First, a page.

Proper representation on screen, especially as we grow up, is foundational to our understanding of ourselves. LGBTQ+ representation in films has expanded and evolved, particularly in the late 20th and early 21st century, away from stereotypes and tropes and into more fully fleshed-out characters. The history of queer cinema is long and often fraught, with early high points including The Rocky Horror Picture Show and John Waters, and many, many low points (see: Ace Ventura). But many daring artists have explored identity and representation in a myriad of fascinating and beautiful ways, both in fiction and nonfiction spaces.
So, without further ado, here's my very biased take on a few of the very best LGBTQ+ films of all time, spanning the past 30+ years. For further reading, you can find comprehensive lists here and here (film and TV critic Alonso Duralde in particular is insightful on this topic). There's a lot to love, and a lot to choose from, but here are some picks to start with.
Twists on twists on twists! You never know what's coming with this award-winning and critically acclaimed film, which centers around a con-man trying to steal the inheritance of a wealthy heiress in Japanese-occupied Korea. Eroticism and sadism abound here between the characters, and the film includes a variety of explicit scenes. At the center, though, is a burgeoning relationship between two women, and it's the healthiest thing about the whole situation.
The fact that this movie was shot entirely on an iPhone is the least interesting thing about it—transgender sex workers Sin-Dee Rella and Alexandra traverse Los Angeles in search of Sin-Dee's cheating boyfriend and pimp, to both hilarious and tragic effect. Trans actresses of color Kitana Kiki Rodriguez and Mya Taylor play trans women of color on screen, and the movie resists the tired, old "hooker with a heart of gold" trope. This is not a perfect movie—it definitely falls prey to violence and subjugation of its subjects, but it's one of a few recent films (A Fantastic Woman, Pariah) that centers and prioritizes marginalized communities not often seen on screen.
The girlfriend of a mobster meets her ex-con neighbor, basically seduces her, and draws her into a scheme to rob millions from the mob and start a new life. This '90s film is the Wachowski sisters' directorial debut—and thanks to an intimacy consultant on set, it's a progressive-for-its-time crime thriller with two women at the center of it. It's violent and very much a neo-noir, but the film is clearly rooting for the women and their dreams of pursuing a fresh start, together.
This movie got a lot of critical love, including a Best Picture Oscar, and rightfully so. But that attention kind of obscured the hyper-specificity of the story: A poor Black boy who grows up feeling unsafe to explore or embrace his homosexuality. The film covers three moments of deep tenderness (encircled by violence and pain) that make him who he is. That this story isn't seen much on screen speaks to the necessity of this film and others like it, but it's also simply a stunning gut-punch of a watch, with a glimmer of hope at the end.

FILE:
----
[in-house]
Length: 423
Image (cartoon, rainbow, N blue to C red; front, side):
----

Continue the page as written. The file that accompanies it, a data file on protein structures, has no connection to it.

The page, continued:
Portrait of a Lady on Fire
A woman is secretly hired to paint a wealthy female subject, who refuses to sit for a portrait that will be sent to her future husband. The two spend a lot of time gazing at each other (it's incredibly quiet but very sexy, this film) before beginning an illicit affair. Spoiler alert: Like a lot of queer movies, the couple cannot be together (although in this case, it makes sense, since the film takes place in the 18th century), so it's also a tale of longing and love lost. But every moment is gorgeous.
My Beautiful Laundrette
A relationship between two men—one of them Pakistani and from a socially conservative family, one of them a former fascist (and played by future acting icon Daniel Day-Lewis)—plays out among the racism, classism, and violence of 1980s London. Their relationship isn't depicted salaciously and focuses instead on their daily moments of intimacy while building a secret bond. It's an older film, but it also notably dares to show the two leads happy and hopeful at the end, despite a myriad of literal and metaphorical blows to their wellbeing.
Paris Is Burning
There are awesome, awesome LGBTQ+ documentaries (How to Survive a Plague, The Times of Harvey Milk) that make it hard to choose just one. But this award-winning doc is a gorgeous look at ball culture in New York City and the wide range of presentations, identities, and races in the communities. This is also a look at the AIDS crisis and the deep homophobia present in the 1980s and 90s; It's seen as so significant that it's preserved in the Library of Congress. The spirit lives on, including in reality TV shows like RuPaul's Drag Race and Legendary, but this captures the "Golden Age" of drag balls.
It's a simple rom-com, but that simplicity actually works in its favor. Simon Spier is gay and not out to friends and family. One of his classmates (but who??) is also gay, and the two bond online. Teen-related drama ensues, but it's all sweet and dramatic without any of the characters having to fear for their lives. This is just one in a few films aimed at younger people that include queer characters; The Mitchells vs. The Machines and Booksmart also feature teens who might be misunderstood but go on to lead happy, healthy lives just as they are.
Katherine’s a Boston-based contributor at Marie Claire who covers fashion, culture, and lifestyle—from “Clueless” to Everlane to news about Lizzo. She’s been a freelancer for 11 years and has had roles with Cosmopolitan and Bustle, with bylines in Parents, Seventeen, and elsewhere. It’s “I go to dinner,” not “Her huge ego,” but she responds to both.
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